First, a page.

The 2016 Rio Games are the first Summer Olympics since the Marvel Cinematic Universe took over the world: The Avengers was still in theaters during the London Olympics, and since then, we’ve had seven more movies and nine seasons of TV. The MCU has been joined by multiple DC universes, plus various Spider-men, X-Men, Deadpools, and yet another Fantastic Four. As never before, the superhero has been firmly lodged in our collective consciousness.
The Olympics offer a real-world counterpart to superheroes. Without radioactive spiders or super-soldier serums, Olympic athletes demonstrate impossible powers every four years. Each time a record is broken, the athlete exceeds the previous limit on human capabilities.
Neither happens in a vacuum—both superheroes and athletes complete narratives far greater than a list of records and abilities. They stand astride the existing fissures in society, especially regarding gender, which is particularly tied to the expectations placed on bodies. In many ways, they show us how far we have come and our hopes for the future, but of course, they reveal how far we still have to go.
Let’s face it: finding media of any sort that’s ready to delve into fat acceptance is few, far, and in between, especially when it comes to heavier girls and women. As we here at LGG&F are all about body positivity no matter one’s size or looks, I feel it’s important to share when we come across pieces of media that may focus on addressing on some of these issues. Or, if not addressing these issues head on, at least acknowledging that they do exist and that these standards we force on people in the name of beauty are ultimately harmful. Additionally, it’s good to point out that while body acceptance might be a topic or a theme in said media, that it may not necessarily be tackled in the best way. This is the case with the manga Pochamani.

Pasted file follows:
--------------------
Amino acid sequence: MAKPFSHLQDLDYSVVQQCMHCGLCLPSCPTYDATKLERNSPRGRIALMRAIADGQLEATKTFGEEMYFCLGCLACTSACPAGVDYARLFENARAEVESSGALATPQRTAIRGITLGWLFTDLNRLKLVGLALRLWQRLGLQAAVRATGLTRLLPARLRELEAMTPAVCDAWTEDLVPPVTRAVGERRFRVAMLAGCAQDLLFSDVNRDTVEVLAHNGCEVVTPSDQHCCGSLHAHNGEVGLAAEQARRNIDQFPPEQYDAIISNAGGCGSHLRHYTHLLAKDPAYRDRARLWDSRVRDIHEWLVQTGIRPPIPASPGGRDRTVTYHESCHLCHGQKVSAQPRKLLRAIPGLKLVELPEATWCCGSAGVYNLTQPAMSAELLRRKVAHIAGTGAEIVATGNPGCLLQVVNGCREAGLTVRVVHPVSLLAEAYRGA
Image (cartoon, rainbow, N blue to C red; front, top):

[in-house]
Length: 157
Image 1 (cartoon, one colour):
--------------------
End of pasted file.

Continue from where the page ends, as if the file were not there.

While we’ve already looked at this cute shoujo series once before, I wanted to look at it a bit more in-depth concerning the issues it covers now that I’ve read it for myself. And while I still had my disappointments, I discovered that there was more beneath the surface than I was originally expecting.
Fandom. If you’ve spent any decent amount of time on the web outside of Facebook, chances are you have run into at least some aspect of this. Fanart, fanfiction, costumes, blogs, roleplaying; the list is literally endless. And why not? Getting inspired by a work is one thing, but being able to share it with other people is the delicious topping of your choice on the proverbial sundae. It’s a great place to meet friends, improve as an artist, and just in general enjoy yourself. As you can probably tell, I could go on and on at lengths about the benefits of fandom in general, but this isn’t about that. No, sir. Welcome to the “dark side” of fandom.